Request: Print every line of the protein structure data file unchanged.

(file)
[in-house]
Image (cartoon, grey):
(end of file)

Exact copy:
[in-house]
Image (cartoon, grey):